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ARS Home » Pacific West Area » Logan, Utah » Poisonous Plant Research » Research » Publications at this Location » Publication #296783

Title: Identification of a lycopsamine-N-oxide chemotype of Amsinckia intermedia

item Colegate, Steven
item Gardner, Dale
item Davis, Thomas - Zane
item WELSH, STANLEY - Utah State University
item BETZ, JOSEPH - National Institutes Of Health (NIH)
item Panter, Kip

Submitted to: Biochemical Systematics and Ecology
Publication Type: Peer Reviewed Journal
Publication Acceptance Date: 11/15/2012
Publication Date: 6/1/2013
Citation: Colegate, S.M., Gardner, D.R., Davis, T.Z., Welsh, S.L., Betz, J.M., Panter, K.E. 2013. Identification of a lycopsamine-N-oxide chemotype of Amsinckia intermedia. Biochemical Systematics and Ecology. 48: 132-5.

Interpretive Summary: Plant samples were collected from a rangeland site near Kingman Arizonia in February 2012 associated with apparent poisoning outbreak in cattle. The plants were identified as Amsinckia intermedia for which are known to contain hepatotoxic dehydropyrrolizidine alkaloids. Analysis were performed on plants collected from the Kingman site as well as from three sites near Washtucana Washington where the plants are not usually associated with livestock poisoning for comparison. Based on the analysis the Amsinckia plants from Arizona contained significant concentrations of the pyrrolizidine alkaloid identified as lycopsamine-N-oxide. The alkaloids content of the Kingman plants was unique in the relative high concentration of one alkaloid compared to plants collected from other sites or to that previously reported in the literature. Plants of this lycopsamine chemotype found near Kingman Arizona are thus expected to be toxic to grazing livestock and appropriate management recommendation should be followed to reduce exposure of livestock to the plant.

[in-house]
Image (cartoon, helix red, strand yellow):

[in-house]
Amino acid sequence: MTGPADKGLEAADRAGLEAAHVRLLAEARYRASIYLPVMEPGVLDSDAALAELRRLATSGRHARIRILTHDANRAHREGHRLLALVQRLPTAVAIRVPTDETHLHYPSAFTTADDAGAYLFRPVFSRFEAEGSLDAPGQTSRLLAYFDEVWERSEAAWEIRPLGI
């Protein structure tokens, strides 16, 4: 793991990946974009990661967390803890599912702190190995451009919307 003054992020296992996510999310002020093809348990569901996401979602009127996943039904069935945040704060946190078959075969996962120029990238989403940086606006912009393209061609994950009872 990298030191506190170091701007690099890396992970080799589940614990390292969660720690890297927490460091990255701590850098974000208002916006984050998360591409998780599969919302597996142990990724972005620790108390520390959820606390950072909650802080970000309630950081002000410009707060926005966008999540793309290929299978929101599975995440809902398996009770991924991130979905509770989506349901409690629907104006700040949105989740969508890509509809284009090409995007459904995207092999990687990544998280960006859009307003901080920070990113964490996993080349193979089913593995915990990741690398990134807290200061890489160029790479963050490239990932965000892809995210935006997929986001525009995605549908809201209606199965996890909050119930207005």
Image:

Technical Abstract: In February 2012, an apparent poisoning outbreak in cattle occurred on rangeland infested with Amsinckia intermedia near Kingman, Arizona. Plant samples were collected from the location every month from the time of the poisoning outbreak through to when the plant seeded and senesced in May 2012. Another collection was made in the vicinity of Kingman, of more vigorous plants growing in a nearby sand wash. For further comparative purposes, collections of flowering A. intermedia were made at three sites near Washtucna, Washington where the plants are not usually associated with livestock poisoning problems. All samples were analyzed using HPLC-MS/MS pyrrolizidine alkaloids. A. intermedia, collected at the site of the cattle intoxications, showed the major presence of lycopsamine -N-oxide. Also tentatively identified were acetyllycopsamine-N-oxide, echiumine-N-oxide, acetylechiumine-N-oxide, two putative dihydro analogues of lycopsamine-N-oxide and a putative deoxylycopsamine-N-oxide. The only free base observed in any significant amounts in the crude extract of the plant collected at this time was lycopsamine. The qualitative and quantitative HPLC-MS profiles of the flowering plants from each site in Washington were very similar to each other. In contrast to the Kingman, Arizona collections, the Washington plants showed a greater, and quantitatively more even, diversity of DHPA production. This present study identifies a lycopsamine /lycopsamine-N-oxide chemotype of A. intermedia, with no detectable intermedine. No other Amsinckia species, or populations of an Amsinckia species, have been similarly reported to produce such high relative levels of lycopsomine and/or it’s N-oxide. In this context plants of this lycopsamine chemotype of A. intermedia may be expected to be toxic to grazing livestock. Further research will be needed to confirm the possibility of livestock intoxication by this particular Amsinckia chemotype in comparison to the more usual chemotypes such as those from Washington.